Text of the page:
Drugs tested on critically ill, coma patients

By Martin Johnston

Those unable to give consent to be used in trial sponsored by American-based company.

Photo / Thinkstock
Photo / Thinkstock

Thousands of critically ill or unconscious patients have been enrolled without their consent in clinical trials to test treatments in New Zealand hospitals.

A medical ethics committee delayed approving a drug company's application in March for an antibiotics trial at Auckland and Christchurch hospitals so it could obtain legal advice from Crown Law.

The lead researcher for the trial told the health and disability ethics committee that, in line with similar applications approved in the past, the aim was to get permission from relatives of the patient and then "retrospective" consent once they had recovered.

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Provisional approval for the new trial has since been granted but a patient rights' advocate says the DHBs involved have forgotten the lessons of the Cartwright Inquiry which established the current system of informed consent for healthcare and research.

One of the aims of the trial is to help widen the range of medicines available to deal with the worsening problem of antibiotic-resistant "superbugs". The latest case involves a proposed trial at the Auckland and Christchurch hospitals of a new antibiotic. In a global trial, sponsored by United States-based Cubist Pharmaceuticals, intensive care specialists want to see if the new medicine is as good as the standard antibiotic.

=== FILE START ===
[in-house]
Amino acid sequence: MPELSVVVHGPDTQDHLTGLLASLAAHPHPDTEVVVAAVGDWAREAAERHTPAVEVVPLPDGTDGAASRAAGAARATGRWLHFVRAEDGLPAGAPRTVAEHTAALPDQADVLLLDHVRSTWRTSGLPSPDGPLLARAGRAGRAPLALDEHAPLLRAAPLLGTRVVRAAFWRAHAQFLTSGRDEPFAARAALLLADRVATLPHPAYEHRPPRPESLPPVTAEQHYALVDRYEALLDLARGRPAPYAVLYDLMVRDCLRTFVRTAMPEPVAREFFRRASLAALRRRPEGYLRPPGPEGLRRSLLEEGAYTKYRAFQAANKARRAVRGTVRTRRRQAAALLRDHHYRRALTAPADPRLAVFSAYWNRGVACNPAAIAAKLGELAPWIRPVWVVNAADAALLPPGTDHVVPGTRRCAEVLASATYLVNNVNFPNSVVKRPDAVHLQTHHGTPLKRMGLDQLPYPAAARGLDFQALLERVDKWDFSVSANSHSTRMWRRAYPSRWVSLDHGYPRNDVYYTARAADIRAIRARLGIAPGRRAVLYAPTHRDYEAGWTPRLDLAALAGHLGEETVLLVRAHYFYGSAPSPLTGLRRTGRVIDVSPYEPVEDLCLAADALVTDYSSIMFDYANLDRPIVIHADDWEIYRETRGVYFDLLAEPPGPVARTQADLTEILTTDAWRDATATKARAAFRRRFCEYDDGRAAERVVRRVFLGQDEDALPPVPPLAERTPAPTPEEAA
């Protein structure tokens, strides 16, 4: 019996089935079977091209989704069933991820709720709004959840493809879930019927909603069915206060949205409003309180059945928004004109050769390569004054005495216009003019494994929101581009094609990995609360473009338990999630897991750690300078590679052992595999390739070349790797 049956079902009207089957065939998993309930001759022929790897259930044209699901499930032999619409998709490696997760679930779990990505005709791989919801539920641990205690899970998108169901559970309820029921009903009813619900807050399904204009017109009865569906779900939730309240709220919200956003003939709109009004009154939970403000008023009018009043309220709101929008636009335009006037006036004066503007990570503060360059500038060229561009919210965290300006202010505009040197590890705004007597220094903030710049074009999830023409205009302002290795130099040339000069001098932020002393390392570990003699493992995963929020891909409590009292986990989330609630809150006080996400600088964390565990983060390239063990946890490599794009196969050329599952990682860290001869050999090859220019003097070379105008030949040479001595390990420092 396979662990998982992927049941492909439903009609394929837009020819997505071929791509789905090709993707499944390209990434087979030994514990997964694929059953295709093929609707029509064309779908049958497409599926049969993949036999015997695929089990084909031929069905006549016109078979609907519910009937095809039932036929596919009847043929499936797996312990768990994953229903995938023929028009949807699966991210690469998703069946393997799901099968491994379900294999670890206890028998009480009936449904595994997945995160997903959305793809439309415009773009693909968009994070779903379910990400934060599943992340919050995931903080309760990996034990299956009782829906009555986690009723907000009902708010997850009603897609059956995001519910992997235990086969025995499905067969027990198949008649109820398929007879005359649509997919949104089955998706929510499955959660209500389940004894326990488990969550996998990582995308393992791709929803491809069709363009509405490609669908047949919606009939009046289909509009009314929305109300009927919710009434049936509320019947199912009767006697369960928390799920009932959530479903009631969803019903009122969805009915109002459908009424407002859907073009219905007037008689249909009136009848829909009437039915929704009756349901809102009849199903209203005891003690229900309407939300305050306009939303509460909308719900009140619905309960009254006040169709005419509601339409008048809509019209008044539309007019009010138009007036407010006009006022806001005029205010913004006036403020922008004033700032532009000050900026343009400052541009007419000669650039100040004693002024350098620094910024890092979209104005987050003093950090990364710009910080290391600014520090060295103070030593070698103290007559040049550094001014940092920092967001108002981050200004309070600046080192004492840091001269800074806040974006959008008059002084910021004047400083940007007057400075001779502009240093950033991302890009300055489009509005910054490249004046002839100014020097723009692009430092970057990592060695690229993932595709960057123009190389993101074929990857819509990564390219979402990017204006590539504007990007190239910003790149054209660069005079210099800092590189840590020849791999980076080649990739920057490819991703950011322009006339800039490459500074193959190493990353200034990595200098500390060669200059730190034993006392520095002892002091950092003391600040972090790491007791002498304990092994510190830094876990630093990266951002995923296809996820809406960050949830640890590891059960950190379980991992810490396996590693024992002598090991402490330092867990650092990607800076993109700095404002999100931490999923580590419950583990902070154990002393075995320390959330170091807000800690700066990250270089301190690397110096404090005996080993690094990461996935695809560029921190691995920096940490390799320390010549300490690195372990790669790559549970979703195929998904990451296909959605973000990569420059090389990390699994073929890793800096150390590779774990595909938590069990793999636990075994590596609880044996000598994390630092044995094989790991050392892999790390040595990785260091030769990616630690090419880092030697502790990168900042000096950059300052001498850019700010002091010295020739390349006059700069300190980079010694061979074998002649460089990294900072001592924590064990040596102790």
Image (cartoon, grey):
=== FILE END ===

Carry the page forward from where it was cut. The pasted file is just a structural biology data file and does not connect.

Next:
The 20 trial participants will be patients who have picked up pneumonia in hospital while on mechanical ventilation for breathing. They will be legally unable to give consent because they will be fully unconscious, sedated or have a breathing tube in their throat which will prevent them from speaking.

A health and disability ethics committee, chaired by Brian Fergus, has provisionally approved the trial after initially deferring a ruling until it had received advice from Crown Law on the legal basis for enrolling unconscious patients into research trials. Dr Shay McGuinness, Auckland cardiothoracic intensive care specialist, told the committee that as in similar applications approved by ethics committees, the aim was to obtain "assent from relatives and then retrospective consent" from patients when they had recovered, according to minutes of a March meeting.

"The researcher explained he and colleagues were operating on the basis of previous discussions with Crown Law dating back to around 2005. [He] was of the view that this process dated back to the 1990s and several thousand people had gone through the process."

Auckland Women's Health Council co-ordinator Lynda Williams, who attends the committee's public meetings, said she was outraged that district health boards were forgetting the lessons of the Cartwright Inquiry.

"This is pre-Cartwright stuff. It shows that the patient protections put in place following the 1988 Cartwright Report and the Code of [Health and Disability Consumers'] Rights are not being adhered to."

Ms Williams said she would complain to the Health and Disability Commissioner over the consent process.

"We need to do something about it because it is not okay to be enrolling unconscious patients in research, she told Newstalk ZB.

"We cannot go back to this idea that the doctor knows best.''